Sustainable stoves part of Earth Week at DePauw

Friday, April 22, 2011
Artist Art Donnelly talks to people participating in the sustainable stove construction project. On the left is a large-scale version of the smaller stoves.

This week has been Earth Week at DePauw University. In honor of Earth Day on Friday, the university has enacted several activities, forums and speeches to educate interested students about the merits of living a more energy-sustainable lifestyle.

In the Peeler Art Center's ceramics classroom on Wednesday though, the crashing and banging of 20 hammers pounding holes into tin cans drowns out all speeches.

Art Donnelly, Seattle artist and owner of the non-profit SeaChar, whose mission is to promote the use of biocharcoal as a way to counter climate change, taught DePauw students how to make their own smaller versions of his own sustainable stove models. Using two tin cans, some wood, a hammer and nail, students made a small campfire-type stove similar to a burner that could generate heat for up to an hour using dry, biodegradable materials as fuel.

"It's not just the stove (that's sustainable)," Donnelly said. "This particular type of stove makes charcoal."

Donnelly met several DePauw students during the students' winter term visit, called the Winter Term in Service, to Costa Rica, where he taught those students how to make his larger stoves. Donnelly sells his stoves, which would normally cost about $40, to families in South America for only a few dollars. Most of the work to make the stoves is done by volunteers, other organizations or just by Donnelly.

The biochar created by the stove can then be buried back into the earth, where it will absorb carbon dioxide and lock it into the soil.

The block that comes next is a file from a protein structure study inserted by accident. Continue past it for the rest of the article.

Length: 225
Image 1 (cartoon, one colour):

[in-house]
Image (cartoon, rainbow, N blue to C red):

Students who attended the seminar, such as Lauren Krumwiede, member of the DePauw Environmental Club and softball team, enjoyed learning about how to live a more sustainable lifestyle.

"It sounded really interesting and I wanted to learn how to make a sustainable stove," she said while pounding away with a hammer.

Earth Week has featured an open mic and picnic on Sunday, April 17, a discussion of a documentary on Monday, a forum on Tuesday and the stove workshop. On Thursday, the keynote speaker of the week, Dr. Julian Agyeman, chairman of the Department of Urban and Environmental Policy and Planning at Tufts University in Massachusetts, spoke to students about the complex and embedded relations between humans and the environment.

Today the university is holding a sustainability advising session for students who are interested in learning more about how to live a more sustainable life and what they need to accomplish.

"We had a pretty good turnout at the panel," said Victoria Googasian, member of the winter term trip and coordinator of the sustainable stove project.

For more information about Donnelly's project, visit

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